It's Friday morning, and the class at Cincinnati Union Bethel's Early Learning Academy Camp Washington is sitting in a circle in the library, waiting attentively, carefully prepared by their teacher. The door opens, and in walks Lincolnon all fours. He and his owner sit in the middle of the circle and the children come up two by two to pet him on his wolf-like fur.
Lincoln is a therapy doga form of treatment frequently prescribed for recently returned veterans with PTSD.
Jeanne Haungs, the administrative assistant at the preschool, initiated the dog visits this May because she had worked at a homeless shelter where they used therapy dogs to calm the children and she felt the calming influence would help children living in poverty too.
When someone touches a calm dog, Haungs explains, it lowers their blood pressure. It's the same neurochemical reaction as a mom touching a baby. Children who have experienced a great deal of stresssuch as being homelessand are acting out learn how to touch gently. You could say the dogs are modeling calm reactions and good behavior.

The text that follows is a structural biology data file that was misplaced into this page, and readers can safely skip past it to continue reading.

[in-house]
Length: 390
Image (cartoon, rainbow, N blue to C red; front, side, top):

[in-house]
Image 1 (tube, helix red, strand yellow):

The children have also learned how to pet a dog, a learned skill for three to five year olds who often aren't exposed to pets in the home. While Lincoln is a Great Dane-Shepherd-Husky mix, Haung explains that therapy dogs need not be large. The key quality is temperament. There are Daschunds and Border Collies who are wonderful therapy dogs. But the size has helped the children learn that larger dogs aren't scary.
After a half-hour, during which the kids rest their heads on Lincoln, pet him gently and even pretend to read to him, Lincoln and his owner leave amid a chorus of happy goodbyes. As they depart, a girl summarizes the feeling in the classroom: That dog was gooooood!